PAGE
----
· The U.P. State Corporation shall provide any help to the industries in the process of relocation. The allocation of plots, construction of industrial units, etc. and issuance of any license/permissions, etc., shall be accelerated and granted on the basis of importance.
· In order to simplify reallocating of industries from TTZ, the State Government and all other authorities shall set up combined single agency comprising of all the units associated to act as an agency to sort out all the complications of such industries.
· The single window facility shall be set up by the U.P. State Government within one month. The Registry shall convey this command separately to the Chief Secretary, Secretary of these Industries and Chairman/Managing director, UPSIDC along with a copy of the judgment, no additional time will be given to set up the single window facility.
· The State Government shall frame a structure for the usage of the land which would become accessible after the relocation of the industries, before June 30, 1997. The State Government can seek direction in this respect from the order of the court.
· The transferring industries on the relocation in the new industrial estates will be given benefits in terms of the stipulations of the Agra Master Plan and also the incentives which are normally extended to new industries in new industrial estates.
· The workers waged in the said 292 industries shall be entitled to the privileges and aids as specified hereunder-
o The workers will have continuity of employment at the new place where the industry is transferred. The terms and conditions of their employment will not be changed to cause them harm.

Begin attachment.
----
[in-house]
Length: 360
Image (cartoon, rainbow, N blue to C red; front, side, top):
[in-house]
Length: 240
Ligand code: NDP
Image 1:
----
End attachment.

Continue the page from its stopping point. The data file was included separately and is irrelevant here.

o The period between the end of the business in Agra and its restart at the spot of relocate will be treated as dynamic business and the labourers will be paid their full wages with progression of administration.
o All those labourers who consent to move with the business will be given one year’s wages as ‘shifting reward’ to assist them with settling at the new area. The said reward will be paid before January 31, 1998.
o The workers working in the industries who do not plan to relocate and opt for closure, will be deemed to have been economised by May 31, 1997, and provided they have been in continuous service. They shall be paid compensation in terms of Section 25-F (b) of the Industrial Disputes Act. These workers will also be paid, in extra, six years’ wages as surplus compensation.
o The compensation payable to the workers regarding this judgment will be paid by the administration within two months of the conservation.
o The perk sum allocated to any worker will be paid in addition.
Along with this the court has also ended the use of all the brick kilns in the TTZ with effect from August 15, 1996. This would be a beneficial step to reduce the pollution produced by fly-ash. The court further directed the following to monitor the air pollution in TTZ –